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Spooktacular Reads For Fall!

Spooktacular Reads For Fall!

Hey guys!

Fall is hands down my favorite season (it also helps that I got married in the fall). The cooler weather, the scarfs, the football, and more time to curl up with a cup of tea and a great book. I also love Halloween and everything that goes along with the spooky, fun, and crazy holiday.


I’ve always enjoyed reading books that go along with the season, especially when they are about monsters or things that go bump in the night. Below are 24 (yes that’s a lot I know!) books broken down into several categories that all make great reads during the month of October (or whenever).



The Girl with all the Gifts by M.R. Carey – A unique take on the zombie theme from the point of view of a very special young girl (this has also been made into a movie that is available to stream with Amazon prime, although I haven’t watched it yet).


The Historian

The Historian by Elizabeth Kostova  – A daughter’s quest to figure out what really happened to her mother and what her father has been keeping a secret. The quest revolves around the history of Vlad the Impaler and the legend of Dracula.


Frankenstein by Mary Shelley – A classic that will never go out of style, October is always a great month to re-read this classic or pick it up for the first time.


Warm Bodies (Warm Bodies, #1)

Warm Bodies by Isaac Marion (Warm Bodies #1) – Another twist on the zombie theme, this one a little more light hearted that focuses on a zombie names R as he tries to figure what what it means to be a zombie and by extension what it means to be human. This is the first in a trilogy. The second book, The Burning World, was even better than the first, and the final book, The living is slated to come out some time in late 2017. Warm Bodies has also been made into a movie starting Nicholas Hoult which I also love.


Fairy Tales re-imagined:


The Bear and the Nightingale (The Winternight Trilogy #1)

The Bear and the Nightingale by Katherine Arden (The Bear and the Nightingale #1) – A Cinderella-type story complete with a loving father and a evil stepmother set in the Russian wilderness. When her village stops praying to the old gods and misfortune befalls the village it is up to Vasilisa to fix it before it’s too late. There is a sequel to this (The Girl in the Tower) set to come out December 5th 2017 and I can’t wait for it.


These amazing Hocus Pocus and the Trick or Treat poster below are all from The Cottage Market. The blog always has the most amazing printables. You should check it out.

The Girl Who Chased the Moon by Sarah Addison Allen – Not quite a fairy tale retelling but it felt wrong to leave Sarah Addison Allen and all her magical realism off an October reading guide. This might be my favorite Allen book. After the death of Emily’s mother she moves back to her mother’s hometown to live with her grandfather. A small town in Carolina where her grandfather is rumored to be a giant, the wallpaper in her bedroom keeps changing, and unexplained lights can be seen floating around the town.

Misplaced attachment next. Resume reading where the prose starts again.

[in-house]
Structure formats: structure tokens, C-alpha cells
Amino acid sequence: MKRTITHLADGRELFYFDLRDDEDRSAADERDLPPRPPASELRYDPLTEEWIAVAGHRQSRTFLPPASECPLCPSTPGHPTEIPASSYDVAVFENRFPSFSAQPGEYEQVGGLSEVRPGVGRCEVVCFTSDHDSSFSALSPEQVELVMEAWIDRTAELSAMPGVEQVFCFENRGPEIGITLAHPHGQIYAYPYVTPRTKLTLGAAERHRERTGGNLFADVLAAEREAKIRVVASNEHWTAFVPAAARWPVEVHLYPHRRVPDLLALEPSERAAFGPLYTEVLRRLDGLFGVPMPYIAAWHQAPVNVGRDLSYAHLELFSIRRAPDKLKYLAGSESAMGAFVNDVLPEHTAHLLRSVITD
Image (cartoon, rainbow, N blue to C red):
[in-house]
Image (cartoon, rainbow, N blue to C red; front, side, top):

Miss Peregrine’s Home for Peculiar Children (Miss Peregrine’s Peculiar Children, #1)

Miss Peregrine’s Home for Peculiar Children by Ransom Riggs (Miss Peregrine’s Peculiar Children #1) – From the back of the book – “A mysterious island. An abandoned orphanage. A strange collection of curious photographs” – Curious photographs which are spread through the book add a spooky element to this YA story. Also part of a trilogy (I haven’t read the other two), and a movie starting Eva Green (who is amazing). Although the movie takes some liberties from the book that I don’t particularly like, this is still an interesting movie if looked at independently of the book.


Uprooted by Naomi Novik – Haunted woods, an old wizard named the Dragon, and a young woman handed over to him once every 10 years in exchange for a village’s protection. I know, I know it sounds a little weird, but Novik writes beautifully and the story is intriguing with twists and turns that set this apart from other fantasy books.



Crimson Peak by Nancy Holder (a movie novelization) – A young woman swept away by a mystery stranger and his sister to their home built on a foundation of blood-red clay. The movie is actually really good. The book does explain a few things much better than the movie (as books do most of the time) and leaves the creepy images up to your imagination. I read this when I was home alone – major mistake for me.  


The Possessions

The possessions by Sara Flannery Murphy – A service that allows clients to have more time with their deceased loved ones. Workers (bodies) swallow a pill that summon the loved ones, losing themselves in the process. The plot focuses on a husband, who comes in looking to connect with his old wife who passed away amid mystery circumstances and the body who he works with. Possession is always creepy and this book does a great job of blurring the line between what is real and what isn’t.


Delia’s Shadow by Jaime Lee Moyer (Delia Martin #1) – Delia has always seen ghosts and when a particularly relentless one won’t give up Delis travels back to her hometown of San Francisco in 1915. A serial killer who appears to be back from the grave and ghosts popping up everywhere give this historical mystery a little more spook factor.